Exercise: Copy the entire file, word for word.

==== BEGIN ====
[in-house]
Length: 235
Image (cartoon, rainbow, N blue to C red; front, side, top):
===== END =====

[in-house]
Length: 235
Image (cartoon, rainbow, N blue to C red; front, side, top):